Driveby Kavish Chetty / 08.12.2011
Drive opens up on the dark, neon-lit arteries of downtown Los Angeles. There’s an immediate parallel here – you feel it in the loneliness, the slumberous anguish – to Taxi Driver. You’ll acclimate to the lead character slowly (he’s a nameless dude credited as “the Driver”), but there’s a seismic moment when it all lurches in his favour; a kind of regicidal scene in which I found myself saying “This guy is cooler than Travis Bickle.” Perhaps one day he will become as iconic, but for now he certainly is as laconic. Travis Bickle was all about street-level raw existentialism, inarticulate with his own nihilistic sense of morality. He had those murderous monologues: “Listen you fuckers, you screwheads. Here is a man who would not take it anymore; a man who stood up against the scum, the cunts, the dogs, the filth, the shit. Here is a man who stood up.” Our driver has a similar pursuit of justice – a gory, private justice – but he begins his questing in silence.
I should probably say at the threshold that this is the most boss film I’ve seen the whole year; that the existence of a film like this gives holy vindication to every barb I’ve launched at the spiritually deficit bullshit I’ve had to review/endure in 2011. The subtext of South African cinema is – broadly speaking – “there is no hope for humanity in art”. That’s what all the comprador logic, capitulatory gags and American pole-polishing adds up to thematically. A film like this – both thinking and thrilling – is everything I enjoy about cinema. Let that congratulation be met with reactionary venom on the comment board.
Ryan Gosling plays the driver, a stunt-man and mechanic moonlighting as a getaway wheelman. In his namelessness, he belongs to a gilded heritage of anonymous bad-asses: Think “The Preacher” of Pale Rider or (hmm, tellingly) “The Man with no Name” of the Dollars trilogy. These are not simply sly references – all three characters are roped together by their independence, their aloofness, their thirst for justice through retributive violence. But the references are part of the rich intertextuality of the film, which urges its admirers to return and decode. There are clear influences from Bullitt (even a spectacular chase scene featuring a Mustang GT), and director – the Danish Nicolas Winding Refn – has marked the film as a tribute to Alejandro Jodorowsky. The citations of Jodorowsky are only oblique. The film has none of his jarring and bloody surrealism, but the clues are there for those who have seen El Topo and Holy Mountain.
I want to stall and check telling you about the plot for one reason: Drive has a masterful grip on tension; it builds it up thickly, then annihilates it gorgeously. There are whole hanging epochs of tension and potential in the film. They promise subversion or confirmation, but you can never tell which will be the resolving mechanism, and the film commands your anxiety. The driver is a loner who becomes embroiled in a semi-romance with his neighbour, Irene (Carey Mulligan, blonde and fey). His awkwardness suggests something inaugural about this encounter. Irene lives with her young boy. Her husband, Standard, is jailed, but is soon released and back home, eager to start afresh. Debts from his criminal past return to haunt his starting-over and his wife and kid end up threatened. Our driver, perhaps humanised by his brief but bodily encounter with the family, decides to help Standard get together the cash he owes. They collaborate on a heist.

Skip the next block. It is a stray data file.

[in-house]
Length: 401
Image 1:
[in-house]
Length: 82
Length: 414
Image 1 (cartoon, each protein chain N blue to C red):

The staging of this whole thing is something like an homage; a “classic” set-up. The film pulls off its archetypal tale stylishly and skillfully. There is none of the gape-mouthed exploitation, the tired rehearsals of old themes. Here they take on the bold shape of being consecrated through their vitality and relevance. What is the constitution of all this tension, though? The atmospheric music – plangent, slow synth – contributes, as do some incredible performances. Ron Perlman as Jewish mobster Nino has the most frightening face I’ve ever seen (look at all those teeth, please don’t smile again!). Gosling gets a perfect equilibrium between broody and alienated; it’s difficult to sympathise with him at first, but later on the point of all his muteness makes itself clear, tonally clear, in the film’s pacing and resultant potential to fuck with that pacing.
Much of the soundtrack is made of delicious modern synth-pop tracks; teenage confections of romance. It’s a strange juxtapositional choice, having this driver cruise around listening to pop, while repressing his dark impulses and tendencies. It suggests something about the dire status of these contemporary romances. Our generation is hopped up on the 21st-century; throats swollen with the helium of their illusions, they squeak out platitudes and banalities. But inside all the pop and sweetness, dark things are a-lurking. I love the gorgeous darkness of this film. It’s an incredibly stylish neo-noir Taxi Driver. It’s a subtler Pulp Fiction which accomplishes its revenge narrative without having to crowbar its postmodernism in your face. It even conjures up that childhood impulse: I want to be like the Driver; I want his purpose, his violence, his justice; his heroism. (In the most enjoyable song of the film – College & Electric Youth’s “Real Hero” – a whispery girl sings of “a real human being” and “a real hero”.)
So beyond this review – which I’ve hoped to keep spoiler free – perhaps you should go into the film cold. Just breathe it in. It’s a hyper-stylish accomplishment in storytelling; a suspenseful and beautifully-wrought existential journey.
*Releases 9 December 2011.